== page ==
Astronomers have found a new planet that's mostly made of iron NASA's TESS telescope finds a small, iron-rich planet which could help explain the origins of Mercury, the innermost planet in our solar system

Astronomers find a new planet that's mostly made of iron

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In a solar system nearby, astronomers have found a planet that's made almost entirely of iron. This alien world could help us understand our own solar system's innermost planet, Mercury.

Here's NPR's Nell Greenfieldboyce.

NELL GREENFIELDBOYCE, BYLINE: Thousands of planets have been discovered orbiting distant stars in recent years. Now scientists say they've detected an unusual planet located about 30 light-years away. It's smaller than Earth and orbits a red dwarf, whizzing all the way around this star every eight hours.

Kristine Lam is a researcher at the German Aerospace Center's Institute of Planetary Research. She says because this planet is so close to its star, it must be very, very hot.

KRISTINE LAM: It could be as hot as 1400 degrees Celsius.

GREENFIELDBOYCE: That's like 2500 degrees Fahrenheit.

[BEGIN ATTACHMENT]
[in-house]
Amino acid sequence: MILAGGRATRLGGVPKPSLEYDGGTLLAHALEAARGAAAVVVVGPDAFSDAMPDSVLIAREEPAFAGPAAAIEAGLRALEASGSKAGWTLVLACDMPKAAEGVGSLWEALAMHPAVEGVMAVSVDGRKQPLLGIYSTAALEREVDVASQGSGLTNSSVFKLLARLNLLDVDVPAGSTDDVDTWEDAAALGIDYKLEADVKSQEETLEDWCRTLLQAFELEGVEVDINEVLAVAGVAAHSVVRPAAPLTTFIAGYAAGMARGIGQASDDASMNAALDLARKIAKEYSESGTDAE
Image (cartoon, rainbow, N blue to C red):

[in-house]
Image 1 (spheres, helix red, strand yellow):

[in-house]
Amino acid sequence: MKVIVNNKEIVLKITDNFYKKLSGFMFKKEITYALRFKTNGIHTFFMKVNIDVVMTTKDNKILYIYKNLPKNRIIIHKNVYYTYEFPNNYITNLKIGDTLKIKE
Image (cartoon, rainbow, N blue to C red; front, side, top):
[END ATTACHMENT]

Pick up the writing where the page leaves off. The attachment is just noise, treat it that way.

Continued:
LAM: So we can imagine this planet is probably, like, a molten planet, at a temperature where a lot of metals can start to melt.

GREENFIELDBOYCE: And this planet has a lot of metal. In the journal Science, Lam and her colleagues say it's probably mostly made of iron.

LAM: This planet is quite dense and has an interior similar to Mercury.

GREENFIELDBOYCE: That's intriguing because scientists have long wondered why Mercury seems to contain so much more iron than the other rocky planets - Venus, Earth and Mars.

Josh Winn is an astronomer at Princeton University. He says there's been speculation that some cosmic collision vaporized much of Mercury's rock, basically leaving its metal core behind. But if scientists find other close-in planets like this new one that have a lot of iron...

JOSH WINN: I think that story becomes even less plausible.

GREENFIELDBOYCE: And researchers may need to think of another way that close-in planets could end up with so much of this metal. He says this new planet orbits so close to its star from its surface, the star would look 30 times larger in the sky than our sun does.

WINN: So imagine swelling up the sun to 30 times its usual size. And you also have to color it red.

GREENFIELDBOYCE: He's fascinated by planets like this one, that orbit their stars in less than one Earth day. They're usually small and sometimes called hot Earths.

WINN: They're rare. Nobody expected that they would exist. And those are the kind of things I love because it's the weird ones that are often the most informative or revealing.

GREENFIELDBOYCE: Researchers should be able to learn more about this planetary oddball with NASA's James Webb Space Telescope. It's scheduled to launch later this month.

Nell Greenfieldboyce, NPR News.


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